In the end on paper it was an "average" season: 14 named storms, eight of those becoming hurricanes and two which intensified to major status with winds reaching 111 mph or greater. But for millions of Floridians, it was a season we will never forget.
Just a few days into the start of June 2022, Potential Tropical Cyclone One, which later became Tropical Storm Alex in the Atlantic, dropped between 5 to 9 inches of rainfall in southwest Florida, leading to flooding in some areas, including Collier county.
Tropical Storms Bonnie and short-lived Colin off South Carolina developed in July. Then, there was no development for weeks, including the entire month of August. Things changed quickly in September. Hurricanes Danielle, Earl and Fiona developed. Fiona struck Puerto Rico as a category 1, then Tropical Storms Gaston and Hermine developed. But, no hurricane threatened the continental U.S., until Ian.
Ian began as a Tropical Depression in the Caribbean Sea on Friday, September 23. It then pummeled Cuba as a category 3 hurricane. Once it emerged into the warm Gulf of Mexico waters, it continued to strengthen. Though its surge began hours earlier, Hurricane Ian officially made landfall at 3:05pm on Wednesday, September 28 in Cayo Costa, a barrier island of Lee County. Its maximum sustained winds, according to Hurricane Hunters, reached 150 mph at landfall.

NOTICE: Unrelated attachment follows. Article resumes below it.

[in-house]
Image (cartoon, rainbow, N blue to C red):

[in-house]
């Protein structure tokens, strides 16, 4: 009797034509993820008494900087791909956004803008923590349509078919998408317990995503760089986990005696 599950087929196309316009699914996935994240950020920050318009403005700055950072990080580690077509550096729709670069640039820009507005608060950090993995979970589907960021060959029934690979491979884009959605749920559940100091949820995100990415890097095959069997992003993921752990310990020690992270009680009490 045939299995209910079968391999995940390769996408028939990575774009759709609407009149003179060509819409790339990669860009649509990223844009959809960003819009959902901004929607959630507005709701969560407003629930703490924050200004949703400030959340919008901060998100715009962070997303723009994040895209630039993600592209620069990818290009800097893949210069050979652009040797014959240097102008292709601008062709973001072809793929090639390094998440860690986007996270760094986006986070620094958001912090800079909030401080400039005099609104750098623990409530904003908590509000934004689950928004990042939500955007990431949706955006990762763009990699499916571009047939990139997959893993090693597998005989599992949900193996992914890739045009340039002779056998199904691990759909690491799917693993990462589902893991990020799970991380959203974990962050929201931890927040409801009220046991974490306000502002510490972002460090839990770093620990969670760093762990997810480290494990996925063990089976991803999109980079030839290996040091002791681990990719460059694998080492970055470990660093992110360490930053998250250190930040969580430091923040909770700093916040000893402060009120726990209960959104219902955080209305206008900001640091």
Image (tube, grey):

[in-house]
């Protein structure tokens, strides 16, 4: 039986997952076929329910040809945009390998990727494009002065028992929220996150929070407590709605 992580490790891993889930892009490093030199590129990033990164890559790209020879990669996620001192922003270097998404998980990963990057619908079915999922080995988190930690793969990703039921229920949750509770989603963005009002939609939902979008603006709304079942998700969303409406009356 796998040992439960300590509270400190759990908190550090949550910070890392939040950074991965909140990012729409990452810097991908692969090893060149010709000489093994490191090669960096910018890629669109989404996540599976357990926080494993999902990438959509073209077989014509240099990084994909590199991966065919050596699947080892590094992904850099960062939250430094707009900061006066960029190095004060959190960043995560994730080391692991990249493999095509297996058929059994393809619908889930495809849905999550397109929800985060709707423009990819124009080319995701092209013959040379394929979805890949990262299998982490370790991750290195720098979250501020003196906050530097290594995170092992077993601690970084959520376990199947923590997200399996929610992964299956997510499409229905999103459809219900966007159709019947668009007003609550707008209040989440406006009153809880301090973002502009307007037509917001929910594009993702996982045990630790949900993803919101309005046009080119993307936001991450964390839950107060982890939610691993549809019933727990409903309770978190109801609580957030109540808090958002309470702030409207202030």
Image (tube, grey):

One of the strongest storms to ever hit the U.S., Ian left southwest Florida devastated, causing at least 75-billion dollars in damage. Ian took 148 lives, mostly in Lee county from drowning.
The season and destruction weren't over yet. Several more storms formed off-shore, then six weeks following Hurricane Ian, Nicole struck Florida’s east coast in early November. Nicole made landfall just south of Vero Beach, as a weak category one hurricane. Though its winds weren't as strong, its waves were fierce, washing away foundations and causing damage to dozens of homes and businesses near Daytona Beach.
Nicole was the 14th and final named storm of the 2022 hurricane season. Based upon the past 30-years, the average for any year is 14 named systems, 7 hurricanes of which 3 become major hurricanes with winds in excess of 111 mph.